At its rear end, the mounting frame 31 which is used to connect the water bag 5 with the shock wave generator 36 through the interposed bellows 32 is peripherally formed with a projecting rib 31a, which is adapted to be engaged with hook members 35a, 35b formed at symmetrical positions on the stationary member 37 when the bellows 32 are folded down to place the water bag 5 directly on the shock wave generator 36, thus positively locking the water bag 5 to the shock wave generator 36.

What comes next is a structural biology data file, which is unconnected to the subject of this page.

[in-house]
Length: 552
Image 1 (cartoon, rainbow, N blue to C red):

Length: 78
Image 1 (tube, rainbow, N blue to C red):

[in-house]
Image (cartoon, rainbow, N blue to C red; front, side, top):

At a point around the circumference of the projecting edge 31a, there is provided a gauge mounting arm 31b which extends radially outward from the rib 31a, and another gauge mounting arm 37a is also formed on the stationary member 37 in vertical alignment with the gauge mounting arm 31b. A gauge 38 which is used to determine the location of the sensor 34 is detachably connected between the mounting arms 31b, 37a. The location of the sensor 34 which is determined by the gauge 38 is converted into a digital signal, which is fed into CPU which form part of the position signal generating means 4 (see FIG. 19) so as to be used in a manner to be described later.